leadership book reviews

Book Review: The Surprising Science of Meetings

Let’s turn the page to another installment of our Q4 Leadership Library, where our consultants review leadership books. This month, Vice President of Organizational Consulting Dr. David Rowan reads The Surprising Science of Meetings by Steven Rogelberg.

The Surprising Science of Meetings: How You Can Lead Your Team to Peak Performance

In a way, meetings are like food. Too little, and we are starved for the information and collaboration we need to accomplish our most important tasks. Too much, and we feel stuffed with unnecessary details, exhausted by the time commitment — and sometimes ready for a nap.

However, when a leader gets it right, we have just enough, and we feel informed, involved, and energized. One hallmark of Q4 leadership behavior is planning and facilitating great meetings that fuel engagement and productivity for individuals, teams, and organizations.

Steven G. Rogelberg is a master chef when it comes to getting meetings right. With a Ph.D. in organizational science, he has devoted his career to understanding the ideal recipe for meetings, from large to small, that will feed business success. In his latest book, The Surprising Science of Meetings, he provides real-world advice, backed by data, so that you can become an expert as well.

The book is a quick read, peppered with enough stories to keep the reader interested, and, chock-full of practical ideas you can put to use right away. Additionally, the suggestions he advocates are in line with Q4 leadership. When you balance a results-orientation with thoughtful consideration for each member of the team, you produce value and get superior outcomes.

PRO TIP: If you don’t have time to read every page, Rogelberg provides a summary with key takeaways at the end of each chapter. Additionally, the appendix contains all of the meeting improvement tools mentioned throughout the book.

The Meeting Challenge

Rogelberg notes that while meetings are sometimes the best option, they can also be tremendously costly. He cites an estimate that as much as $250 billion annually is wasted in the US alone due to bad meetings. Because meetings are often viewed as “a cultural cost of doing business,” many leaders resign themselves to spending countless hours attending poorly planned and inefficiently executed meetings.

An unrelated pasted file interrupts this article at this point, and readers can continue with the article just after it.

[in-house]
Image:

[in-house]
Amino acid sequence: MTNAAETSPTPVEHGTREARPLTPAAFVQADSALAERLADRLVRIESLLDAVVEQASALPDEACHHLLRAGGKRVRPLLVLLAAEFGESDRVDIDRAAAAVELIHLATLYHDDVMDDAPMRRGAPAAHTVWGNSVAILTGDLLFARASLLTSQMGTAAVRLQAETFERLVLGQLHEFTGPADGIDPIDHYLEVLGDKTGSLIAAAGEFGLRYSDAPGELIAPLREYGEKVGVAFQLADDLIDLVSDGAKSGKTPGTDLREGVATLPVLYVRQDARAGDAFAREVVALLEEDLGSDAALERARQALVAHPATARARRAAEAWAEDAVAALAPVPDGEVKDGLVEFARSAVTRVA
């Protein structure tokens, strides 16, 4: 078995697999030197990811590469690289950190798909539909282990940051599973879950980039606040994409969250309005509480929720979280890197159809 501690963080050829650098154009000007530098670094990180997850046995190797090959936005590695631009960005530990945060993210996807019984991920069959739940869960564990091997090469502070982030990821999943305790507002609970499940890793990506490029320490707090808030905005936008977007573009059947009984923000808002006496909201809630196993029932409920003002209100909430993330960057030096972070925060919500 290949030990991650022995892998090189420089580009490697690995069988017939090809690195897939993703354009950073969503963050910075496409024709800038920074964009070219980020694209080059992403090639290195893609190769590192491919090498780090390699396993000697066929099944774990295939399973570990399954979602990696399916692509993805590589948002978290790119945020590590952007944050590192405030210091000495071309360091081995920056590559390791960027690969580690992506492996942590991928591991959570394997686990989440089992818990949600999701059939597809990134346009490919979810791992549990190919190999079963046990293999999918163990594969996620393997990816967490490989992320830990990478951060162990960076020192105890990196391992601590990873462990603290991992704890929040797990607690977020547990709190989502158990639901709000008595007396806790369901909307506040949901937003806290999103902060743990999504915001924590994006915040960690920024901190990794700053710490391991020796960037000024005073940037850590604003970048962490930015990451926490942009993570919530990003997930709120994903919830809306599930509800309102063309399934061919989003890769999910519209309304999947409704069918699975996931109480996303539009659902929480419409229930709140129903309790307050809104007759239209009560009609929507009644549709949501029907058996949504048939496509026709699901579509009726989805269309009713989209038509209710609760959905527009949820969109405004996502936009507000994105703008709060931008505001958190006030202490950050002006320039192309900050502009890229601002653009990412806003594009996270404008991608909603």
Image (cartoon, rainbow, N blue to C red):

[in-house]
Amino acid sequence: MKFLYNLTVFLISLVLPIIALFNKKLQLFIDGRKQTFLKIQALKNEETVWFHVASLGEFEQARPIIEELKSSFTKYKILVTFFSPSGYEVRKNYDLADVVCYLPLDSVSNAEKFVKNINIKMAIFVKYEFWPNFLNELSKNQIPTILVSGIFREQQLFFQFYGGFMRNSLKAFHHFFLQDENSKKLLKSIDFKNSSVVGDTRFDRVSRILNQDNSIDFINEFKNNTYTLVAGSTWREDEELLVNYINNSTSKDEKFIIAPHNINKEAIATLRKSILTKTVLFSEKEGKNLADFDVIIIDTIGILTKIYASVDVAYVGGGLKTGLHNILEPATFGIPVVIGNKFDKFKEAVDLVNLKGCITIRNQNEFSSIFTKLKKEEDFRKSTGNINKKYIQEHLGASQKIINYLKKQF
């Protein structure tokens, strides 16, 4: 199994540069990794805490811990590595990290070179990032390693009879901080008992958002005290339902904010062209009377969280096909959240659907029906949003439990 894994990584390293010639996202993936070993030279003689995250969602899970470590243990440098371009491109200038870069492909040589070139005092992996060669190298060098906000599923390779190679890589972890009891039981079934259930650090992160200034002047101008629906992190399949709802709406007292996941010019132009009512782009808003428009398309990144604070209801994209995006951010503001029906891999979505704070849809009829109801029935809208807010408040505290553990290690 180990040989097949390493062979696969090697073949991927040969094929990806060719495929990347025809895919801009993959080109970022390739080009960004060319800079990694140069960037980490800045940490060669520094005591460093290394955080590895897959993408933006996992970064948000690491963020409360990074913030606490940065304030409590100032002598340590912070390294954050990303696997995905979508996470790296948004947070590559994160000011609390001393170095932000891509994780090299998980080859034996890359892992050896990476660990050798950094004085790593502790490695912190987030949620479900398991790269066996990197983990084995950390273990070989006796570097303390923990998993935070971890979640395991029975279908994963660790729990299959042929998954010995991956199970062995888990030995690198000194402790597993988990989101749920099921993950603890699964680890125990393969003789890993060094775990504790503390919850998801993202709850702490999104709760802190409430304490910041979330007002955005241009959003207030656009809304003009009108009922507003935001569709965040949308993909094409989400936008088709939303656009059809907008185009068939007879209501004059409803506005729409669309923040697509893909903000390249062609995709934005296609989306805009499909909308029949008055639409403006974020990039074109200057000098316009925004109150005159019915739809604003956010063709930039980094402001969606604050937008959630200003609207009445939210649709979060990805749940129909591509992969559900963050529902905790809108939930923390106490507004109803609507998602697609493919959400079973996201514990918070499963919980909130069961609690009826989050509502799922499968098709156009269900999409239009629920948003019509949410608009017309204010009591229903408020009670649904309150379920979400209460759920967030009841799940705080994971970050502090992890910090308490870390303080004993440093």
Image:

You have likely experienced many of the meeting mistakes Rogelberg identifies. Here are a few of the most frustrating examples.

  • Poor time management, such as the Q3 behavior of getting caught-up in idle social chatter.
  • Getting stuck in bad habits, such as the Q2 behavior of holding unnecessary meetings because, “we always meet on Wednesdays at 2.”
  • Allowing one person to dominate the meeting, such as the Q1 behavior of monologuing without giving anyone else the chance to chime-in.

Dimensional Model of Behavior

A Formula for Great Meetings

For each problem he identifies, Rogelberg offers several solutions. Some may appear obvious; others, less so. But, no matter your current level of expertise, you’re likely to learn at least one new approach to improve your meeting leadership. Three of his suggestions struct me as having the most potential for positive impact right away, and, are clearly Q4 leadership in action.

  1. First, create an agenda and share it 3 – 4 days prior to the meeting, including all of the following for each item.
    • A brief summary of the issue
    • Clarification of what is needed from the people attending (e.g. ideas, an action plan, a decision)
    • Directions about what attendees need to do to prepare
    • And finally, an estimate of the time needed to accomplish the task
  2. Second, thoughtfully invite the right people.
    Studies indicate that at gatherings larger than seven people conversations become splintered, people lose focus, and a small number of individuals can dominate. Limit your invitations to only the experts and decision makers you need. Remember to include people with different perspectives and problem-solving styles. Finally, for those not invited, keep them informed by sending out summary notes.
  3. Finally, get feedback on your meetings — and put it to use.
    As the adage says, “you only change what you measure.” So, start measuring the effectiveness of your meetings by asking a few brief questions of the participants. Rogelberg provides a number of helpful prompts you can use, or, you can create your own. The key is to keep your questions brief, ask them right away, thank people for their feedback, and utilize their input to improve.

A Final Word

Whether you’re a seasoned executive or a newly minted manager, you’ll likely benefit from putting careful thought into how you organize and run meetings. Following Rogelberg’s recipe for meeting success will enable you to feed your team just what they need, right when they need it.

And, like a skillful Q4 leader, you can accelerate organizational and personal success.

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